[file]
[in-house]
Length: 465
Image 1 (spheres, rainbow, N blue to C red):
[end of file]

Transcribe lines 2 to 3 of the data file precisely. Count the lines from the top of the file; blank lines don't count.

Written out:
Length: 465
Image 1 (spheres, rainbow, N blue to C red):